[Note
:
This guarantee is not offered for default-initialization, although the distinction only matters for types with trivial default constructors such as pointers or aggregates holding pointers.
end note
]
In these cases the singular value is overwritten the same way as any other value.
Dereferenceable values are always non-singular.
An iterator j is called reachable from an iterator i if and only if there is a finite sequence of applications of the expression ++i that makes i == j.
If j is reachable from i, they refer to elements of the same sequence.
Most of the library's algorithmic templates that operate on data structures have interfaces that use ranges.
A range is a pair of iterators that designate the beginning and end of the computation.
A range [i, i) is an empty range; in general, a range [i, j) refers to the elements in the data structure starting with the element pointed to by i and up to but not including the element pointed to by j.
Range [i, j) is valid if and only if j is reachable from i.
The result of the application of functions in the library to invalid ranges is undefined.
All the categories of iterators require only those functions that are realizable for a given category in constant time (amortized).
Therefore, requirement tables for the iterators do not have a complexity column.
Destruction of an iterator may invalidate pointers and references previously obtained from that iterator.
An invalid iterator is an iterator that may be singular.264
In the following sections, a and b denote values of type X or const X, difference_­type and reference refer to the types iterator_­traits<X>​::​difference_­type and iterator_­traits<X>​::​reference, respectively, n denotes a value of difference_­type, u, tmp, and m denote identifiers, r denotes a value of X&, t denotes a value of value type T, o denotes a value of some type that is writable to the output iterator.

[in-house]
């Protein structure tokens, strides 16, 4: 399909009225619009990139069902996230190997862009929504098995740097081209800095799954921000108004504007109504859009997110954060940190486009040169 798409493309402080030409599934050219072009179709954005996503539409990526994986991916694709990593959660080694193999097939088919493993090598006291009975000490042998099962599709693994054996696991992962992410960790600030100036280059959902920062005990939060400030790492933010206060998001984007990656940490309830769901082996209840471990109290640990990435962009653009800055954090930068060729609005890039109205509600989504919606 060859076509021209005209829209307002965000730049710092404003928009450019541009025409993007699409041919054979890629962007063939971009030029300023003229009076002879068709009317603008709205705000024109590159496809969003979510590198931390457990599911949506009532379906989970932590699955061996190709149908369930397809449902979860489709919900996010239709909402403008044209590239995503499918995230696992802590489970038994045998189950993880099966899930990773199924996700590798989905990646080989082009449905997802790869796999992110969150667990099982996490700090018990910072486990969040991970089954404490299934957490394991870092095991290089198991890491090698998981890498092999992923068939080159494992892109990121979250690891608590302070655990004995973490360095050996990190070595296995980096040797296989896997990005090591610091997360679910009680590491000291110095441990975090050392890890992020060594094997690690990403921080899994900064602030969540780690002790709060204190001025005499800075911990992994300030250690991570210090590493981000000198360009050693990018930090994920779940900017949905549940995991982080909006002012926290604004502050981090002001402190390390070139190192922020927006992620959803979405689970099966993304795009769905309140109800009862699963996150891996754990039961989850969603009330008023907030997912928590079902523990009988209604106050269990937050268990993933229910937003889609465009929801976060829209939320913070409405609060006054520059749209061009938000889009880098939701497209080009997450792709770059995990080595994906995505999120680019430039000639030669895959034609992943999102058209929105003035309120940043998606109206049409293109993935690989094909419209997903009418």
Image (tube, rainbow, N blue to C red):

[Note
:
For an iterator type X there must be an instantiation of iterator_­traits<X>.
end note
]
This definition applies to pointers, since pointers are iterators.
The effect of dereferencing an iterator that has been invalidated is undefined.

27.2.2 Iterator [iterator.iterators]

The Iterator requirements form the basis of the iterator concept taxonomy; every iterator satisfies the Iterator requirements.
This set of requirements specifies operations for dereferencing and incrementing an iterator.
Most algorithms will require additional operations to read or write values, or to provide a richer set of iterator movements ([forward.iterators], [bidirectional.iterators], [random.access.iterators]).
A type X satisfies the Iterator requirements if:
Table 86 — Iterator requirements
Expression
Return type
Operational
Assertion/note
semantics
pre-/post-condition
*r
unspecified
Requires: r is dereferenceable.
++r
X&

27.2.3 Input iterators [input.iterators]

A class or pointer type X satisfies the requirements of an input iterator for the value type T if X satisfies the Iterator and EqualityComparable requirements and the expressions in Table 87 are valid and have the indicated semantics.
In Table 87, the term the domain of == is used in the ordinary mathematical sense to denote the set of values over which == is (required to be) defined.
This set can change over time.
Each algorithm places additional requirements on the domain of == for the iterator values it uses.
These requirements can be inferred from the uses that algorithm makes of == and !=.
[Example
:
The call find(a,b,x) is defined only if the value of a has the property p defined as follows: b has property p and a value i has property p if (*i==x) or if (*i!=x and ++i has property p).
end example
]
Table 87 — Input iterator requirements (in addition to Iterator)
Expression
Return type
Operational
Assertion/note
semantics
pre-/post-condition
a != b
contextually convertible to bool
!(a == b)
Requires: (a, b) is in the domain of ==.
*a
reference, convertible to T
Requires: a is dereferenceable.

The expression
(void)*a, *a is equivalent to *a.

If a == b and (a, b) is in the domain of == then *a is equivalent to *b.
a->m
(*a).m
Requires: a is dereferenceable.
++r
X&
Requires: r is dereferenceable.

Postconditions: r is dereferenceable or r is past-the-end;
any copies of the previous value of r are no longer required either to be dereferenceable or to be in the domain of ==.
(void)r++
equivalent to (void)++r
*r++
convertible to T